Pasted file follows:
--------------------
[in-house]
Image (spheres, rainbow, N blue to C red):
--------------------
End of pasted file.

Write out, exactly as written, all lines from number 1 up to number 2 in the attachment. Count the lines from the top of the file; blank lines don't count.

[in-house]
Image (spheres, rainbow, N blue to C red):